Can Fitbits Be a Dieter's Best Friend?
Looking to shed some of those pandemic pounds? A new analysis says wearables like Fitbit and Apple Watch can help people slim down.
The researchers examined studies involving commercial health wearables and adults who were overweight/obese or had a chronic health condition.
After daily moderate-to-vigorous physical activity for a period between a month and a year, participants lost an average of 6 pounds and reduced their body mass index by about 2 points, the findings showed.
That doesn't mean that slipping a Fitbit on your wrist will automatically make you healthier.
"Health wearables, per se, are not the solution to solve obesity, being overweight, or chronic disease," said lead author Zan Gao, an associate professor in the University of Minnesota's School of Kinesiology. "They are simply tools."
Gao and his colleagues published their findings online March 17 in the British Journal of Sports Medicine.
What makes the technology effective is a combination of factors, Gao said. The first is goal-setting.
"[People] can keep track of their physical activity on a daily basis," he said. "For example, I set my personal goal as 660 calories per day and 60 minutes exercise per day." Gao uses a wearable to make sure he stays on track.
Cedric Bryant, president and chief science officer of the American Council on Exercise, is also a fan of the health bands. Another reason they work, he said, is due to the community aspect. Many of the devices have corresponding smartphone apps that allow users to connect with friends and share stats.
"I think helping to establish that community or that individual to be your accountability partner is important because the data does show that a good number of people, about a third or so, will stop wearing a device after a period of time," said Bryant. "So to get that sustained use, you know, just like most things in life, we need to have others come alongside and support us and encourage us to stay on track."
For athletes, the wearables also serve as a way to get competitive.
"Going back to Girl Scouts and Boy Scouts, [we all like] earning your badges and getting that recognition," said Bryant. "It can be a very powerful motivator for people."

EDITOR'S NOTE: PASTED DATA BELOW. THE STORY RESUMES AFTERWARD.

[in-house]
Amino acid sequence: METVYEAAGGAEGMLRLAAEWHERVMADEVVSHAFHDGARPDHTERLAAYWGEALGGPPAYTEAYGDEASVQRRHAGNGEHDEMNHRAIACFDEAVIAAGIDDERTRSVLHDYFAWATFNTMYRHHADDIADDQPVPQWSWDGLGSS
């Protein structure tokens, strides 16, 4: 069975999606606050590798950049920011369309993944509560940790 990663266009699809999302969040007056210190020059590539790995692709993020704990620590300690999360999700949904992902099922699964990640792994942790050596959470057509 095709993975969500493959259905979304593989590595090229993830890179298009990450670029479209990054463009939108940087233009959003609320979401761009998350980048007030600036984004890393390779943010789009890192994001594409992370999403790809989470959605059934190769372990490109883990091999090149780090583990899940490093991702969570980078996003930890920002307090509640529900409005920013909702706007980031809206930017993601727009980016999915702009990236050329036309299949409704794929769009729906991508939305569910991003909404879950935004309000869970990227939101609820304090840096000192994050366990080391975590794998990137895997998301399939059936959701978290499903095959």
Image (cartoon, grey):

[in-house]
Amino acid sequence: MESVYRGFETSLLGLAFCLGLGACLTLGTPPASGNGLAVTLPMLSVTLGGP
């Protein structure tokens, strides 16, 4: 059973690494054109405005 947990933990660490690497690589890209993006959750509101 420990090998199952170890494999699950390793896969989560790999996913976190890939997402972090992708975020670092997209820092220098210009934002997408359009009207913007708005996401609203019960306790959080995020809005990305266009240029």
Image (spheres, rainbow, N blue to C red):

But the technology isn't only for the star quarterbacks and cross country runners. Even reminders to move can have a positive impact.
Gao pointed out that "health wearables also provide notifications or prompts to us. So, for example, I'm wearing an Apple Watch. Now, if I sit for a long time, it will remind me to stand up for a while or take a deep breath for one minute. I think Fitbit has the same function."
In 2020, Apple's wearable technology outperformed Mac computers for the first time, and the International Data Corp. predicts that wearables in general will maintain a double-digit growth through 2024. As many of these wearable devices increase their health monitoring capabilities, the tech could play a role in curbing America's obesity epidemic.
More than four in 10 Americans are obese, which can lead to heart disease, type 2 diabetes, stroke, high blood pressure, gallbladder disease and more, according to the U.S. National Institute of Diabetes and Digestive and Kidney Diseases.
To help people live healthier lifestyles, Gao thinks tech companies should focus next on personalization.
"They should also provide tailor-based exercise prescriptions for different individuals," he said. "Even for myself, I need different exercise prescriptions at different time periods. During the holidays, I need different exercise prescriptions than during the working days."
Gao and his colleagues are currently using big data to determine the best workout regimens for overweight adults and cancer survivors.
"I think how to take advantage of the computer science, the data science and big data analysis to offer this type of personalized program will be the future for this industry," he said.
Visit the University of Illinois, Chicago, for more on health wearables.
SOURCES: Zan Gao, PhD, associate professor, School of Kinesiology, University of Minnesota, Minneapolis; Cedric Bryant, PhD, president and chief science officer, American Council on Exercise; British Journal of Sports Medicine, March 17, 2021, online
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